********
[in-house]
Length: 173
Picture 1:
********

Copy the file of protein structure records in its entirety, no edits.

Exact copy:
[in-house]
Length: 173
Picture 1: